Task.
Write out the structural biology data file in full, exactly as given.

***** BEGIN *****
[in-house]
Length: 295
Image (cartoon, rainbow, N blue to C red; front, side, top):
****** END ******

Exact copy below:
[in-house]
Length: 295
Image (cartoon, rainbow, N blue to C red; front, side, top):